New Hampshire Seacoast Office Market

Kent White,
CBRE/New England.

The current trend in office development is primarily for build-to-suit or owner-occupied developments. Unlike 6 years ago when developers were building on speculation due to the strong high-tech market, many developers are now being more conservative. Lenders are becoming more cautious and requiring that new developments are 40 to 50 percent pre-leased. There are still some speculative projects, but they are smaller in size and only in premier office locations.

The Pease International Tradeport, located in Portsmouth and Newington, continues to be the driving force for new office development in the Seacoast of New Hampshire. This former military base was converted to a business park in the early 1990s and has been thriving with more than 750,000 square feet of new office space. The most active developer at Pease has been Two International Group, which has developed some of the more high-profile Class A buildings, including Two International Drive, One New Hampshire Avenue and 100 International Drive.

Downtown Portsmouth is another area that has seen recent office development or substantial office renovations. The new Ocean National Bank building on State Street, 22-28 Deer Street and 16 Congress Street are a few office projects that have added new office space to the downtown market. There are also additional downtown office developments in the initial stages. Several of these new developments may include retail and residential components.

The majority of development, as stated above, is in the Portsmouth market. The primary reason for this is its proximity to Interstate 95, Route 101 and the Spaulding Turnpike, which allows for employees to commute from southern Maine, western New Hampshire and northern Massachusetts. Portsmouth is also the largest city on the Seacoast and offers many services, cultural activities, retail and restaurants, which are attractive to office tenants.

There haven’t been many new developers to the Seacoast market as most projects are being done by local development companies. However, one new developer to the area is Astoria Properties. Astoria developed a 41,000-square-foot condominium office building in Portsmouth in 2004. All 15 condo units sold prior to occupancy, with all but one unit purchased by owner occupants. Astoria is now developing a similar project in the neighboring town of Newington. This 32,000-square-foot development has also been a success for Astoria.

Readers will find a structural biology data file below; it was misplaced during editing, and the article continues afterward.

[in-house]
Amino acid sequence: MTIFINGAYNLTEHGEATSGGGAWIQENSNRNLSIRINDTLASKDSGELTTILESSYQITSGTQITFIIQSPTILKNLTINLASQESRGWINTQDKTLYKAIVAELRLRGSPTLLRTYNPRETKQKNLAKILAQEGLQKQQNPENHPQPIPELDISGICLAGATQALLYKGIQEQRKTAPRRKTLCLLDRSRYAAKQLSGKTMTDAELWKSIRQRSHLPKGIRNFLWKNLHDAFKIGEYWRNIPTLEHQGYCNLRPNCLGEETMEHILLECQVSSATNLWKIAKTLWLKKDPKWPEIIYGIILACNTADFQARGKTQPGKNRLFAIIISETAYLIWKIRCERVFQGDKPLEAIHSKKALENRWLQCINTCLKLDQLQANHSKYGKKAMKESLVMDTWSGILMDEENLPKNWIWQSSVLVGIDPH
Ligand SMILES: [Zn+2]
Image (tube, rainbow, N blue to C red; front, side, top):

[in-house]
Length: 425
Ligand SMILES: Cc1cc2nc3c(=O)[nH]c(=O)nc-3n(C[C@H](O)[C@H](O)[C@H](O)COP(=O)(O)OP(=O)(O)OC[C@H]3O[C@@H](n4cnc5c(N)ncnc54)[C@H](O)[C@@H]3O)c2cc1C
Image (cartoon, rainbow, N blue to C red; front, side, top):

Liberty Mutual has been one tenant who continues to expand in the Seacoast. Within the past few years Liberty has leased substantial space at 100 Domain Drive in Exeter,  and 273 Corporate Drive in Portsmouth. In addition, Liberty committed to a 75,000-square-foot build-to-suit at 207 International Drive in Portsmouth and has plans to expand its own office campus in Dover by 350,000 square feet.

Loftware recently leased 38,500 square feet at 166 Corporate Drive in Pease, as well as Powerspan and Liberty Mutual, which each leased 24,000 square feet at 100 International Drive. Seacoast Dialysis has leased 9,000 square feet at 155 Borthwick Avenue and the law firm McLane Graf Raulerson & Middleton recently leased 5,000 square feet at 100 Market Street in downtown Portsmouth.

Lease rates range from $15 per square foot to $18 per square foot triple-net lease at the Pease Tradeport and the suburbs of Portsmouth. Downtown Class A lease rates tend to be slightly higher ranging from $18 per square foot to $22 per square foot triple net lease. The rest of the Seacoast market is typically between $14 per square foot to $16 per square foot for Class A product.

As of December 31, 2005, the Seacoast vacancy rate was 16.8 percent for Class A and B properties. The largest market with 3.1 million square feet is Portsmouth/Pease, which has a healthy 10 percent vacancy rate.

The Portsmouth/Pease market will continue to see the majority of new office developments with the widening completion of Route 101 connecting the Seacoast with Manchester, New Hampshire’s largest city. This new route will likely make developers  view this corridor as an opportunity for future office growth.

In general, the office market has bounced back nicely from the high-tech downturn that the Seacoast experienced in 2001 and 2002. Not unlike many tech dependent markets, Portsmouth experienced a substantial increase in the vacancy rate when a substantial amount of sublease space  flooded the market, driving down lease rates across the board. During the past few years, lease rates have continued a steady rise and vacancies have decreased, especially sublease space. We are optimistic that the Seacoast office market will continue to remain healthy, as it will always be an attractive market for companies.

— Kent White is a broker with CBRE/New England in New Hampshire.

©2006 France Publications, Inc. Duplication or reproduction of this article not permitted without authorization from France Publications, Inc. For information on reprints of this article contact Barbara Sherer at (630) 554-6054.

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